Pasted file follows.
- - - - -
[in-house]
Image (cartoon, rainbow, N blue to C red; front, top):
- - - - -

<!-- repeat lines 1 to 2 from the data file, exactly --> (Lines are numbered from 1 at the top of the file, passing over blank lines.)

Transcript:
[in-house]
Image (cartoon, rainbow, N blue to C red; front, top):